Is it wrong to feel like I needed more than God’s Word?? Oh dear. But I did. I needed some practical tips. It is very practical to rejoice in the Lord always. But I needed more detail, some step-by-step instructions on how to be happy.

So I ordered Gretchen Rubin’s “The Happiness Project”. And it exactly hit the spot.


I loved this book. It fit my need for charts and lists and oodles of practical suggestions. Gretchen Rubin wanted more happiness in her life, so she figured out very specific ways of breaking bad habits, and growing positive new ones. She identified the problems, and then figured out how to fix them.

And she wrote over and over again about how happiness is a choice.

I definitely needed the kick in the pants to start making better choices. I needed to realize that the amount of joy in my life is controlled by….me. It doesn’t matter what problems I face, I still get to choose how I will respond to life.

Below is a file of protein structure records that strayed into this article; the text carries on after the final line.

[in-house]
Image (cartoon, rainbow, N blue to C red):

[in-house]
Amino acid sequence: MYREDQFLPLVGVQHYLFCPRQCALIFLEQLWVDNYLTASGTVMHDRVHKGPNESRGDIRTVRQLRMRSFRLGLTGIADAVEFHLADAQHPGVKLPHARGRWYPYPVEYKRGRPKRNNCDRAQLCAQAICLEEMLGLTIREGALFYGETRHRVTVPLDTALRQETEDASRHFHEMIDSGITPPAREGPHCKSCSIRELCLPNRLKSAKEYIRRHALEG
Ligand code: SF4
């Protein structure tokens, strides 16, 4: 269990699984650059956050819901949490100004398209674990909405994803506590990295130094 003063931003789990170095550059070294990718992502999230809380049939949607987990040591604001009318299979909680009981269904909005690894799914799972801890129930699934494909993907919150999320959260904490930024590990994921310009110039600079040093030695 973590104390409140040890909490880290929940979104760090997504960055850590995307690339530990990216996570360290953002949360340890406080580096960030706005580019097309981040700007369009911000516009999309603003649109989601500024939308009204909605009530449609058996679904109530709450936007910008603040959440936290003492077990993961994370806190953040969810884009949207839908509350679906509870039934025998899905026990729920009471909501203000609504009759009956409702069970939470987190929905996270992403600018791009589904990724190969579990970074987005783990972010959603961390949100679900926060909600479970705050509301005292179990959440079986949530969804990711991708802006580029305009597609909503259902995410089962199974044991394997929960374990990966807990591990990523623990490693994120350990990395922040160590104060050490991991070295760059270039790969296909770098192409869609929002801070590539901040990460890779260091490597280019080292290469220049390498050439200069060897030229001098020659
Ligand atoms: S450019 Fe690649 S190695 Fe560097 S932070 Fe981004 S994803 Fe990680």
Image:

Example: A couple of weeks ago, I was stuck at Superstore at 5:30pm on a Friday. If you ever want the truest, deepest weaknesses of your character to be exposed, go to Superstore at 5:30pm on a Friday.

It was pure madness. I was indescribably frustrated. The lines were longer than I would ever have guessed possible at Superstore, everyone there was grumpy, and the rotisserie chicken I was buying was dripping juice all over my pants.

I was trying to find my way through the crowd to the end of the line, when suddenly, who should appear at my side but my former youth pastor. For a second or two, I was actually tempted to sneak away before he saw me, because I was so grumpy that I did not feel like being social.